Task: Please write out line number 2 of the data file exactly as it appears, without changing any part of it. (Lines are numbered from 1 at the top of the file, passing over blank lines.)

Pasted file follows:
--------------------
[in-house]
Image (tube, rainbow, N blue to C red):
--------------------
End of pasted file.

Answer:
Image (tube, rainbow, N blue to C red):